Parents' intent to vaccinate against influenza during the COVID-19 pandemic in two regions in Switzerland.Swiss Med Wkly. 2021 05 10; 151:w20508.SM
AIMS OF THE STUDY
The COVID-19 pandemic is likely to overlap with the seasonal influenza epidemic, increasing the risk of overextending the health system capacity in Switzerland. Influenza vaccine uptake has remained low in most countries, including Switzerland. The aim of the study was to determine parents’ intentions towards influenza vaccination of their children, as well as themselves, and to assess regional differences.
Parents presenting to four paediatric emergency departments (Zurich, Bern, Bellinzona, Geneva) were asked to complete an online survey during and after the first lockdown of the COVID-19 pandemic (April to June 2020). The anonymised survey included demographic information, vaccination history and intentions to vaccinate against influenza, as well as attitudes towards future vaccination against COVID-19.
The majority of children (92%; 602/654) were up-to-date on their vaccination schedule. In 2019/2020, 7.2% (47/654) were vaccinated against influenza. Children with chronic illnesses were more frequently vaccinated than healthy children (19.2% vs 5.6%; p = 0.002). For the coming winter season, 111 (17%) parents stated they plan to vaccinate their children against influenza, more than double the rate from last year, and 383 (59.2%) parents suggested they will vaccinate against COVID-19 once a vaccine is available. Regional differences between “German” and “Latin” Switzerland were found for parents’ intent to have their children vaccinated against influenza next season (Zurich and Bern 14.3%, Bellinzona and Geneva 27.2%, p <0.001), but not for a hypothetical vaccination against COVID-19 (Zurich and Bern 59.1%, Bellinzona and Geneva 59.7%, p = 0.894).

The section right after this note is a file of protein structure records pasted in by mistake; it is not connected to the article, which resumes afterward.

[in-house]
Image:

The COVID-19 pandemic resulted in a substantial increase of parents’ intention to vaccinate their children against influenza, especially in hard-hit “Latin” Switzerland. The Swiss government and public health organisations can leverage these regional results to promote influenza vaccination among children for the coming seasons.